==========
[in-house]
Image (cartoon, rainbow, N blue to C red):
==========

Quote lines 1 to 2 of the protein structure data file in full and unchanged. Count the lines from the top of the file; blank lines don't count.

[in-house]
Image (cartoon, rainbow, N blue to C red):